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The Early 202

An essential morning newsletter briefing for leaders in the nation’s capital.

Where the Jan. 6 committee is spending its money

The Early 202

An essential morning newsletter briefing for leaders in the nation’s capital.

Good morning, Early Birds. This newsletter will not subject you to April Fools' Day jokes. Tips: Thanks for waking up with us.

In today’s edition: Theo talked about Ukraine with former Trump Pentagon official Elbridge Colby ... Marianna Sotomayor looks at why House Minority Leader Kevin McCarthy is speaking out about GOP Rep. Madison Cawthorn ... Ukraine will resume peace talks with Russia online on Friday as more Mariupol residents are expected to evacuate  ... but first, a dispatch from our colleague Tom Hamburger on the Jan. 6 committee ...

On the Hill

The Jan. 6 panel has hired seasoned prosecutors and outside investigative firms

A review of the money spent by the House Jan. 6 committee underscores the aggressive nature of its investigation, which includes the hiring of veteran prosecutors and outside investigative firms, as well as how it stands apart from similar congressional inquiries.

The committee has already spent $2.5 million and is on pace to spend $9.3 million by the end of December, with most of the costs generated by personnel expenses and payments to outside contractors, according to an analysis of the latest available congressional disbursement reports.

By contrast, the select committee created in 2014 to investigate the attack on the U.S. Consular Office in Benghazi, Libya, spent less — over $7.8 million dollars — over a two-and-a-half-year period, with nearly all of that amount on personnel. 

One expert on congressional spending said he sees the Jan. 6 panel’s work as representing a new trend on Capitol Hill.

  • “This signifies a new era in congressional investigations that leverages the combined power of seasoned investigators with the latest technology to allow the committee to review more documents than ever and to recreate a digital trail of evidence,” said Keith Ashdown, a veteran congressional investigator, now with the Moonlight Foundation, a watchdog group.

The personnel roster is remarkable, Ashdown said, because of the deep experience of members of the staff of about 50, which includes a couple of former U.S. attorneys and several former assistant U.S. attorneys. He also noted the hiring of contractors providing “investigative services” listed in disbursement reports.

One of the firms is A1C Partners of Davidsonville, Md., which received $122,500 in December, according to a House Administration Committee report. On its website, A1C describes itself as delivering “advisory services, intelligence analysis … support for mission critical federal programs at the intersection of law enforcement and intelligence.” A committee staffer said the company is “an open-source research firm doing intelligence analysis” for the panel.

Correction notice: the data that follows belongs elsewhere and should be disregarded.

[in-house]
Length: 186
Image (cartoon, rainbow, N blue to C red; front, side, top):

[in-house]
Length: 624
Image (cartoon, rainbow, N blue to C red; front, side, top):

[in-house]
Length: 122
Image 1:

The committee’s aggressive posture has drawn criticism from lawyers representing individuals subpoenaed before the panel and from congressional Republicans who claim the panel seems more focused on prosecution than traditional legislative fact finding.

Committee members defend their approach as necessary and say they are determined to produce a detailed account of Jan. 6 events that will inform policy and legislative proposals.

Still, panel members aren’t shying away from the possibility they will make criminal referrals, including regarding former president Donald Trump.

In December, Rep. Liz Cheney (R-Wyo.) used language directly from U.S. criminal statutes to question Trump’s activities. “Did Donald Trump,” she asked, “through action or inaction, corruptly seek to obstruct or impede Congress’s official proceeding to count electoral votes?”

In the agencies

"This is exactly the same kind of rhetoric that helped lead to Vietnam"

Six questions for … Elbridge Colby: We chatted with Colby, who served as a deputy assistant secretary of defense in the Trump administration from 2017 to 2018, about what President Biden's gotten right and wrong in Ukraine. This interview has been edited and condensed for length and clarity from two conversations.

The Early: How do you think President Biden has handled the Ukraine crisis overall?

Colby: The fact that an invasion of Ukraine happened is a tremendous indictment of American policy. Clearly, it's been a consistent goal over several administrations to avoid this outcome. I have to say I find it somewhat untoward or off-putting that there's a sort of celebratory element to how things have gone, because this is a product of a tremendous failure.

I do think the Biden administration since the invasion has handled some things well, some things less well. Certainly working with European allies is a strong suit of theirs. I also think, unlike some fellow Republicans, that the administration's caution about the potential for escalation is in order. In some ways, it's actually to Putin and the Kremlin's advantage if the United States is too aggressive, because that will allow Russia to frame the conflict as fundamentally about sort of a civilizational struggle between NATO and Russia.

The Early: When you say the war is an indictment of American policy, which policies are you referring to?

Colby: If we think about the alternate history — if the Ukrainians weren't fighting so bravely and capably, and the Russians were only materially facing sanctions and international opprobrium — I think the Russians would be at [Ukraine’s] western border. So I think it's a wrong lesson to say the sanctions and the international condemnation are what's really material here. What's really material and central is the Ukrainians defeating a Russian invasion. So that tells me the critical flaw was not arming them sufficiently.